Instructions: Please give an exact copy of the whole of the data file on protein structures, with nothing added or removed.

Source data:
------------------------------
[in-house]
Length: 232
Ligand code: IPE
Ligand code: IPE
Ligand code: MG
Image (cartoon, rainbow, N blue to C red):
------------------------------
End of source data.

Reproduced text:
[in-house]
Length: 232
Ligand code: IPE
Ligand code: IPE
Ligand code: MG
Image (cartoon, rainbow, N blue to C red):